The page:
Since starting this site and becoming more aware of popular culture, I keep bumping into the obsession in so many countries with physical appearance, particularly breast size, and how it distorts what women of all ages—but especially girls—think of their bodies. It’s clear how imperfectly many females view themselves due to the society’s ideal dimensions promoted in the media. It also affects how men and teenage boys regard their potential dates and mates.

As someone who spends hours exercising to change my body slightly and come closer to the fantasy me in my mind (more ab definition, more muscle cuts), I certainly can’t criticize most of the two million women a year worldwide (300,000 in the U.S.) who enlarge their bosoms for cosmetic reasons to ease their insecurities or to help them believe they will have a better chance of attracting a man. Both plastic surgery and muscle building may have the same goal—to look “better” in the mirror and on the beach— but it is obvious that surgery is a lot more serious and riskier than crunches and weight lifting.

supermodel Paulina Porizkova—1985

supermodel Paulina Porizkova—1985

The attention to celebrities’ body changes is mind-boggling. Here is an article by Paulina Porizkova, who in the ’80’s was one of the top models in the world— she was twice voted by People Magazine as one of the 50 most beautiful people in the world…and also nominated in 1989 for a Golden Raspberry award as one of the worst actresses in a film. I never heard of her before this story appeared, so in case you are as naive about some icons as I am, I have added Paulina’s bio after her article.

You will notice that Paulina minds when women make body changes to conform to the current mass standards of beauty—which she just happens to have been born with—and she faults Kate Hudson for feeling insecure and modifying her “perfect” body by having breast implants. Yet the bio mentions that Paulina had a gap in her teeth, resisted smiling in her photographs, and eventually had her teeth corrected. Paulina also says every woman is uniquely beautiful and should celebrate any good features if she can find them. For me this sounds like a rich person saying all poor people shouldn’t mind poverty, because they have an abundance of spiritual riches.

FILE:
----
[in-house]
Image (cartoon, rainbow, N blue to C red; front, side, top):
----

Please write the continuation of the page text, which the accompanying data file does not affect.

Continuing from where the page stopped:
April 22, 2010

Why Kate Hudson’s (Alleged) Breast Implants Have Me Heartbroken
by Paulina Porizkova, Supermodel

Kate Hudson has gotten implants. Allegedly. This news headed straight to my heart from the lips of Wendy Williams who got it from some gossip rag. My coffee was getting cold while I, heartbroken, sadly gazed at the before and after pictures of Kate Hudson on the screen. The before: an amazingly fit, gorgeous, and yes, small-breasted young woman in a to-die-for red bikini; in the other, a blond starlet sipping a latte. The cup size was undeniably different. (And no, we’re not speaking of the latte.) Was there a chance it was merely a hardworking push-up bra? I find myself practically praying over Kate’s boobs. Pathetic, I know…

two shots of Kate Hudson, 2009 (left) and 2010

two shots of Kate Hudson, 2009 (left) and 2010

My issue here isn’t with Kate. If big boobs make her happier, then more power to her. The issue here, this fixing something perfect to something else perfect, is so much a sign of our times, and one that truly saddens me. The availability and ease of transforming our bodies is completely losing our identities and uniqueness. No one ages anymore, no one has imperfections of any kind anymore, all smiles are flawless and no one past 35 can express displeasure. Madonna no longer looks like Madonna: what started as a sexy, well shaped, and somewhat hairy Italian girl has ended as a cool Nordic blonde. It’s not that she doesn’t look great, she does. But she is starting to sort of melt away into the stew of the famous women over-fifty-high-cheek-boned blondes-who-cannot-frown.